In Brazilian jiu jitsu the first 12 male black belts outside Brazil are well known, and have been for a few decades. They are called the “BJJ Dirty Dozen”. On the other hand, and although women have been graded as black belts outside Brazil since 2002, the female equivalent of this dozen has never been researched and put forward to the grappling community.
Given that this website was designed with the intent to represent the individuality within this martial art, we believed this list was long overdue and got the research going. BJJ Heroes would like to express our gratitude for the invaluable efforts of BJJ Legends own Kris Shaw. Aside from being a badass black belt and an important part in the development of the gentle art in the US, Kris was an amazing source in the process of piecing this article together, without whom many of the facts here displayed would not have come through.
Without further ado…
12. CINDY HALES
Graded on: December 6, 2006
Graded by: Marcio Laudier
Nicknamed “Sleeper” in her mixed martial arts career, Cindy Hales started training during the spring 2001 with Marcelo Alonso in Tacoma, Washington. As Alonso moved back to Brazil for an extended stay, Hales switched camps and (re)started training with Rodrigo Lopes and “Mamazinho” (Márcio Laudier), earning her black belt from both coaches in 2006.
In MMA Hales’ only recorded loss was agains the veteran Megumi Fuji, one of women’s MMA biggest stars, ever.
11. SUE ARBOGAST
Graded on: June 2006
Graded by: Julio Foca
Arbogast initiated her martial arts training back in 1984, having trained in a variety of styles, from karate to gung fu and ultimately Brazilian jiu jitsu, which she started in 1996 under Carlson Gracie black belt Julio “Foca” Fernandez, co founder of Revolution BJJ.
Sue is the founder/instructor of Montpelier Martial Arts holding black belts in Korean and Okinawan karate, having also developed “Strike Back,” a full impact self defense program for women.
10. MEGUMI FUJII
Graded on: May 2006
Graded by: Yuki Nakai
Arguably the most accomplished competitor on the list, Megumi Fujii truly is one of the top grapplers to have ever entered an MMA arena, regardless of gender, country or size. To assess Megumi’s worth, she went unbeaten from 2004 to 2010, defeating the toughest women on the planet, including Erica Montoya, Michelle Tavares, Mei Yamaguchi, Carla Esparza and many others.
Megumi Fujii collected arms throughout her career (13 wins by armbar) but was well known for her toe hold, a position dubbed “the Megulock” by many in the MMA circuit.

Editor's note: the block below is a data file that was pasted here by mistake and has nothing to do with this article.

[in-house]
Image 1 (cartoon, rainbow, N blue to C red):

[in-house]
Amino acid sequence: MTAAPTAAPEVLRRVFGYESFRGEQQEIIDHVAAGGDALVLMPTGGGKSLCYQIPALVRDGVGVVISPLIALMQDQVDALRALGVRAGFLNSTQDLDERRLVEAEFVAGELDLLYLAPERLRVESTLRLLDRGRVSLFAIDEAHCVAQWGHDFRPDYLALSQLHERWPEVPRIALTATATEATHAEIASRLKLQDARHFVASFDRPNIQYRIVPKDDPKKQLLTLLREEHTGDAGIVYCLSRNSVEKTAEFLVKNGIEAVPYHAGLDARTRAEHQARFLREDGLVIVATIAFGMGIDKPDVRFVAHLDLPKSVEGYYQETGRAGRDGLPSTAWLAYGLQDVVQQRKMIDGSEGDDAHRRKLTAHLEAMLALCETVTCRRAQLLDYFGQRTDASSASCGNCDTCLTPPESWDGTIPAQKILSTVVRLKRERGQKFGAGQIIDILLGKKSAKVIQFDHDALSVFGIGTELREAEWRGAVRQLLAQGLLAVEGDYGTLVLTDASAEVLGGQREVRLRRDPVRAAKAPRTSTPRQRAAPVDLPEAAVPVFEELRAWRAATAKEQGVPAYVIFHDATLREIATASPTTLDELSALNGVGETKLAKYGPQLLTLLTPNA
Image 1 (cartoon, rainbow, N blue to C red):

9. GAZZY PARMAN
Graded on: January 2006
Graded by: John Lewis
Often remembered as the first “enfant terrible” in women’s jiu jitsu, Ghazaleh “Gazzy” Parman was also one of the most successful competitors of her time, whose star power earned the mediatic Dana White’s attention and support. Parman was a UFC sponsored female athlete, and may have been the very first woman backed by the world’s biggest MMA organization as well as the first female sponsored by Tapout.
Gazzy Parman started jiu jitsu on January 1998, being involved in the competitive scene from the get-go. Her willingness to compete led her to important medals including 2003 – Abu Dhabi/U.S.A. Trials Submission Wrestling Tournament Champion, 2005 – ADCC (Abu Dhabi Combat Club) invitee ranked 4th in the World, and one of 8 women to be invited to ADCC lightweight division that year, where Parman earned a bronze medal.
Gazzy was also a 17x Grapplers Quest champion, World Champion (CBJJO) and World No Gi Champion (IBJJF). Among her many accomplishments, Parman was also the 1st Female Grappler Hall of Fame Inductee and 1st Female American Black Belt under team Nova Uniao.
More recently Parman was invited to represent American Samoa for the 2012 FreeStyle Wrestling Olympic pre qualifiers.
8. JOCELYN CHANG
Graded on: November 2005
Graded by: Leka Vieira
Jocelyn Chang is a true warrior and an inspirational figure in the sport of Brazilian jiu jitsu. At the age of 39 (2009) Chang was diagnosed with breast cancer. Jocelyn underwent double mastectomy, 5 months of chemotherapy, and 30 days of radiation. And only 2 weeks after the radiation treatment was finished, she was back on the mat training and coaching.
A strong character in a small frame (Jocelyn is 4’9″), Chang earned the respect of all around her, including her coach Leka Vieira, who awarded her the black belt in 2005. Last we heard of Jocelyn, she was teaching at the Let’s Roll BJJ Academy in Torrance, California.
7. LAURENCE COUSIN
Graded on: October 2005
Graded by: Flávio Behring
The French Laurence Cousin Fouillat is one of Europe’s most highly regarded grapplers, being not only the 1st European female black belt in Brazilian Jiu Jitsu, but also the 2nd non Brazilian black belt (regardless of gender) to win a gold medal at the World Jiu Jitsu Championships (2007), an honour shared with Rafael Lovato Jr who also earned his world title that year as well.
Among Laurence’s long list of achievements, her two world titles (IBJJF in 2007 as a black belt and CBJJO 2005 as a brown belt) stand out the most.
6. FELICIA OH